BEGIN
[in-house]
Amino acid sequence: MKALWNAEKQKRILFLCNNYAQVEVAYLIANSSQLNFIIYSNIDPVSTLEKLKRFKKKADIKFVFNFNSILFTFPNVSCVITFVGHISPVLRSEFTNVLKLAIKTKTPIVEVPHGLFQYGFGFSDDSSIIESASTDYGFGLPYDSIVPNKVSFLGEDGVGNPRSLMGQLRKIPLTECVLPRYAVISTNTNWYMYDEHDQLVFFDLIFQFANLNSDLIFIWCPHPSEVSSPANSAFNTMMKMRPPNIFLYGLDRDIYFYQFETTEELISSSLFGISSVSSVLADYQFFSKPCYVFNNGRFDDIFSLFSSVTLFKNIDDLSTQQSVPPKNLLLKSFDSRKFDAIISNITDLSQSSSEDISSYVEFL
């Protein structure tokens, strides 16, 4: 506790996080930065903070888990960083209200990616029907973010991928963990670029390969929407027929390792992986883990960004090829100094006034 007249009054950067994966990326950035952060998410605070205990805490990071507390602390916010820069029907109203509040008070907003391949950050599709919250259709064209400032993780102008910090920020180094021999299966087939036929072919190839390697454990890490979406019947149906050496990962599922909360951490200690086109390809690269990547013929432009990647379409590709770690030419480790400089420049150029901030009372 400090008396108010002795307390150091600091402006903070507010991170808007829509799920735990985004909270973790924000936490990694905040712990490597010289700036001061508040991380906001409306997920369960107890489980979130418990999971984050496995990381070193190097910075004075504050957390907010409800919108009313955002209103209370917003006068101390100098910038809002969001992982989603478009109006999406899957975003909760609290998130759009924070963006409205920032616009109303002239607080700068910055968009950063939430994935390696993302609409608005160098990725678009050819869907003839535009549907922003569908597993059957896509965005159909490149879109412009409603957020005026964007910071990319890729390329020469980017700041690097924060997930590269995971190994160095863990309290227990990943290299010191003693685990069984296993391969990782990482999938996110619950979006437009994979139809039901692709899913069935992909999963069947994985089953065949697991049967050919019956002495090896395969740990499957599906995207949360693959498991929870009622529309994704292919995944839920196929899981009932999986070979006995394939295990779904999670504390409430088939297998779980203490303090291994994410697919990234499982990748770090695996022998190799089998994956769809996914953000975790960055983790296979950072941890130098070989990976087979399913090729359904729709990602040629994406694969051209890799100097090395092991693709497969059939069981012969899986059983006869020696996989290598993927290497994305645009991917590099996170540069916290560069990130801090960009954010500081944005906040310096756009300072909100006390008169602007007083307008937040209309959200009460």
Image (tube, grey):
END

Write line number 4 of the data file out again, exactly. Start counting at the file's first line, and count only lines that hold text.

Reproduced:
Image (tube, grey):